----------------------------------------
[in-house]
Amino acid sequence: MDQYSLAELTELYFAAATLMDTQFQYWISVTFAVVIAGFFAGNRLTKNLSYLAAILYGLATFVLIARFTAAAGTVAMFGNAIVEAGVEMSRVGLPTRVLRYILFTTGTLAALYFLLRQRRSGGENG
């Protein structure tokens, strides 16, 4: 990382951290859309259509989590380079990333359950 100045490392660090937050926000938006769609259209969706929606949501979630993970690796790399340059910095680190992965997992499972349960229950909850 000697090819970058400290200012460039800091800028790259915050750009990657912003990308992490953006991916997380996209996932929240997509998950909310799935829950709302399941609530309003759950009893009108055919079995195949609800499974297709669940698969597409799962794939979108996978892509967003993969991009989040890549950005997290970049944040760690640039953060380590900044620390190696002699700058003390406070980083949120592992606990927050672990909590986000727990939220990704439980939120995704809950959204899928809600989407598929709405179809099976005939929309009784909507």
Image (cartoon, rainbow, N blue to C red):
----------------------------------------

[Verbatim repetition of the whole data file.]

[in-house]
Amino acid sequence: MDQYSLAELTELYFAAATLMDTQFQYWISVTFAVVIAGFFAGNRLTKNLSYLAAILYGLATFVLIARFTAAAGTVAMFGNAIVEAGVEMSRVGLPTRVLRYILFTTGTLAALYFLLRQRRSGGENG
């Protein structure tokens, strides 16, 4: 990382951290859309259509989590380079990333359950 100045490392660090937050926000938006769609259209969706929606949501979630993970690796790399340059910095680190992965997992499972349960229950909850 000697090819970058400290200012460039800091800028790259915050750009990657912003990308992490953006991916997380996209996932929240997509998950909310799935829950709302399941609530309003759950009893009108055919079995195949609800499974297709669940698969597409799962794939979108996978892509967003993969991009989040890549950005997290970049944040760690640039953060380590900044620390190696002699700058003390406070980083949120592992606990927050672990909590986000727990939220990704439980939120995704809950959204899928809600989407598929709405179809099976005939929309009784909507």
Image (cartoon, rainbow, N blue to C red):